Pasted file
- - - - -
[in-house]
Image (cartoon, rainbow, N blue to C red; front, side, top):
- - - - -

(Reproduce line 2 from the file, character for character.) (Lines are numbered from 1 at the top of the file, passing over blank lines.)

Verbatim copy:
Image (cartoon, rainbow, N blue to C red; front, side, top):